The very night when Herod was about to bring him out, Peter was sleeping between two soldiers, bound with two chains, with sentries before the door guarding the prison; and behold, an angel of the Lord appeared, and a light shone in the cell; and he struck Peter on the side and woke him, saying, "Get up quickly." And the chains fell off his hands. And the angel said to him, "Dress yourself and put on your sandals." And he did so. And he said to him, "Wrap your mantle around you and follow me." And he went out and followed him; he did not know that what was done by the angel was real, but thought he was seeing a vision. When they had passed the first and the second guard, they came to the iron gate leading into the city. It opened to them of its own accord, and they went out and passed on through one street; and immediately the angel left him. And Peter came to himself, and said, "Now I am sure that the Lord has sent his angel and rescued me from the hand of Herod and from all that the Jewish people were expecting." When he realized this, he went to the house of Mary, the mother of John whose other name was Mark, where many were gathered together and were praying. And when he knocked at the door of the gateway, a maid named Rhoda came to answer. Recognizing Peter's voice, in her joy she did not open the gate but ran in and told that Peter was standing at the gate. They said to her, "You are mad." But she insisted that it was so. They said, "It is his angel!" But Peter continued knocking; and when they opened, they saw him and were amazed. But motioning to them with his hand to be silent, he described to them how the Lord had brought him out of the prison. And he said, "Tell this to James and to the brethren." Then he departed and went to another place. Now when day came, there was no small stir among the soldiers over what had become of Peter.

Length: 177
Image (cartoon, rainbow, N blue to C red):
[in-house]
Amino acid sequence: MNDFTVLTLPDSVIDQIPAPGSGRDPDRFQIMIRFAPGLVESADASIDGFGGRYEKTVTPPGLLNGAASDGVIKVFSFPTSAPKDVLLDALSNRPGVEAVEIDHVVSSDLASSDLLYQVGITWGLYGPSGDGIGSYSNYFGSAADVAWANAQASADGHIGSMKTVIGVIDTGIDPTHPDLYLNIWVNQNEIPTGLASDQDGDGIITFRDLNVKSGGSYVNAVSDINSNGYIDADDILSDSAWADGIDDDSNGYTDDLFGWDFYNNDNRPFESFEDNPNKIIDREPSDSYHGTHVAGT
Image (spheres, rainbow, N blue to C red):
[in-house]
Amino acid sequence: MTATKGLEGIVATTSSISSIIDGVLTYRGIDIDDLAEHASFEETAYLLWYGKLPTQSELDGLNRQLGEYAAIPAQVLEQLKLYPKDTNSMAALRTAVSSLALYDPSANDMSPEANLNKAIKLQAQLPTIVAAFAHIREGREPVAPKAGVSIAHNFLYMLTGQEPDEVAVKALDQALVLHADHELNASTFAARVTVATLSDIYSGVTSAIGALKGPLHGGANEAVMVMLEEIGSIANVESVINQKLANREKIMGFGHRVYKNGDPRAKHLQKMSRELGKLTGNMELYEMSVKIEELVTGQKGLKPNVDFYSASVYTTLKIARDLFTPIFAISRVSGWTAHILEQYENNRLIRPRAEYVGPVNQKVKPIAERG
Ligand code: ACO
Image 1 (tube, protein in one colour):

It is as if Luke is writing up his interview with Peter. "I didn't know what was happening, because it wasn't until he left me that I woke up!" When Peter did fully regain his senses he knew he was still in great danger. Such an escape put the entire company of believers in danger. It is indeed a strange and thrilling story. Was Peter banging on the door of Mary's house late at night? Then when they finally opened the door why tell the gathering to be quiet? So maybe he wasn't making a loud noise. And it seems that it is his escape that has to be kept quiet. He told them briefly what had happened and then he left with this message, "Tell James and the brothers." This James was Jesus' brother, later to become the leader of the Jerusalem church. Peter had to hide. We don't know where the other apostles were. They were probably in hiding too. But why visit Mary's house? Wouldn't it put her and the others in danger, particularly with Agrippa on the rampage? Perhaps Peter had to visit to pass information on to James and the brothers for their safety? The angel helped Peter escape from Agrippa's grasp. And the believers needed to know this. As Luke tells it, Peter was still uncertain how it had come about. So when Luke adds "there was no small stir among the soldiers" we have to wonder. Angels don't usually make an appearance that puts the lives of ordinary soldiers at risk of blood-thirsty kings. Obviously the situation was grim and not just for the believing community. The situation the apostles faced had changed from what it had been a few years previously before Agrippa became king. Now the king was humiliated, and whether he believed in angels or not, Peter has to assume he would be out for blood. Peter had to hide.